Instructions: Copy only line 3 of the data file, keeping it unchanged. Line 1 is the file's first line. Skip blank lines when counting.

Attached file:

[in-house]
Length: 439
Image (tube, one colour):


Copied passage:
Image (tube, one colour):